But it's my view that politicians and other low-life scum love to confuse the two concepts in the minds of the general public. Often enough the intention behind claiming something to be illegal is to suggest that the matter is settled and that there is nothing further to discuss — opposition is simply 'wrong' — worse, illegal. The hope here is that they can get away with it since presumably in the minds of the naive (and their are billions of them) this automatically places whatever it is as being completely beyond the pale. End of discussion.

    I do wish people would call them on this sort of thing. And when they're done, shoot them.

    Illegitimate laws are a very real problem. Adolf and Uncle Joe were by no means alone in fostering these. Currently the front runner is the EU. May it be exterminated soon.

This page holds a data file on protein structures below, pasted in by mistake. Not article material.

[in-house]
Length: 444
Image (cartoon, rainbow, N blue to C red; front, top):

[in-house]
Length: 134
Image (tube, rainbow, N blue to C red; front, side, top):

P.S. At first I was confused, thinking those glands on that ostrich were a pair of misplaced bollocks. On reading the caption all became clear: they were indeed bollocks — 'top bollocks', as they're known in some circles. Antipodean circles originally, I think. Goodonya, Cobber! :)

  3. The stupidity of the US/EU Ruling Class cannot be overlooked. They are still trying to force the Kurds back into Iraq and won't let them sell their own oil on the world market. Meanwhile, ISIS has not problem selling the oil it has captured from the Iraqi government, such as it is.

  4. It's sad, indeed! Are you sure that this harmful combination of policies isn't deliberate?

  5. I doubt AE's first word was what the book says. It is just a retrofitted myth. It seems like the author mixes up AE with Kurt Godel because he was known as Herr Warum. I have sources who say "poopy" was Schrodinger's first word.